IMF lowers economic growth forecast for Cyprus

The International Monetary Fund (IMF) has cut its growth forecast for the Cypriot economy, projecting a growth of 3.5% in 2019, down 0.7 percentage points from its earlier forecast in October, according to the funds latest World Economic Outlook (WEO) report released on Tuesday.

The IMF projected an even lower growth rate for Cyprus of 3.3% in 2020.

It said that inflation would decline to 0.5%, from 1.8% it projected last October and 0.8% in 2018, while in 2020 inflation is expected to increase to 1.6%.

In addition, the Funds report projects a gradual reduction of unemployment to 7% this year and 6% in 2020, from 8.4% in 2018.

Reflecting the slowdown in activity in the second half of 2018 and the first half of 2019, global growth is set to moderate from 3.6% in 2018 to 3.3% in 2019 and then return to 3.6% in 2020, according to the report. The forecast for 2019 is 0.4 percentage point lower than in October 2018 WEO, while the forecast for 2020 is 0.1 percentage point lower.

Growth in the euro area is set to moderate from 1.8% in 2018 to 1.3% in 2019 (0.6 percentage point lower than projected in October) and 1.5% in 2020. Although growth is expected to recover in the first half of 2019 as some of the temporary factors that held activity back dissipate, carry-over from the weakness in the second half of 2018 is expected to hold the 2019 growth rate down said the IMF.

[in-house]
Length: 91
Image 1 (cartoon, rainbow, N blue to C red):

According to the report, growth rates have been marked down for many economies, notably Germany (due to soft private consumption, weak industrial production following the introduction of revised auto emission standards, and subdued foreign demand); Italy (due to weak domestic demand, as sovereign yields remain elevated); and France (due to the negative impact of street protests).

The IMF said that the baseline projection of about 1.2% and 1.4% growth in the United Kingdom in 2019�20 is surrounded by uncertainty.

It noted that the downward revisions relative to the October 2018 WEO reflect the negative effect of prolonged uncertainty about the Brexit outcome, only partially offset by the positive impact from fiscal stimulus announced in the 2019 budget. This baseline projection assumes that a Brexit deal is reached in 2019 and that the United Kingdom transitions gradually to the new regime.

Source: Cyprus News Agency